Despite the absence of indirect signs of gastrointestinal mucosal inflammation and the normal appearance of the small bowel, colon, and appendix, we found enlarged lymph nodes in 23% of our patients. Lymph node enlargement correlated with a higher HIV load and a lower CD4+ T-cell percentage, but not with fecal calprotectin. These findings suggest that the gastrointestinal tract is not only involved in HIV enteropathy, but may also be a reservoir of HIV despite HAART, and that mesenteric lymph nodes may be primarily involved in this process.

HAART is currently the only therapeutic option available for HIV-infected individuals. Unfortunately HAART is not completely successful because the viral load rebounds to pretreatment levels when treatment is stopped.14 Palmer et al suggested ongoing viral replication in patients with HAART-controlled viremia.24 Therefore, HIV may persist in viral reservoirs during therapy, and there might be specific cell types that allow its replication during HAART.3 Eradicating viral reservoirs is the only way to achieve a complete resolution of HIV-1 infection.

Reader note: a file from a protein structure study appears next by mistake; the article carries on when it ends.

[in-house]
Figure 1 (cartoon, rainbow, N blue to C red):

Two studies in simian immunodeficiency virus-infected rhesus monkeys have demonstrated that lymphatic tissues act as the anatomic compartment for active viral replication during antiretroviral therapy. In 2008, Estaquier et al12,13 reported a study comparing immunologic and virologic parameters in lymphoid and nonlymphoid organ tissues in both controlled and uncontrolled simian immunodeficiency virus-infected monkeys. According to this study, the virus was predominantly localized in the lymphatic tissues and, considering in particular animals with HIV viral load below 37 copies per mL, in the mesenteric ganglia. Hoorike et al11 found higher levels of viral RNA in both the superior and inferior mesenteric lymph nodes in animals on HAART.12,13 Neither of these studies reported lymph node size.